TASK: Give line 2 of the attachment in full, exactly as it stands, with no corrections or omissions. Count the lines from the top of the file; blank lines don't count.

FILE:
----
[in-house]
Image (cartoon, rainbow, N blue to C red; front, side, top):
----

Image (cartoon, rainbow, N blue to C red; front, side, top):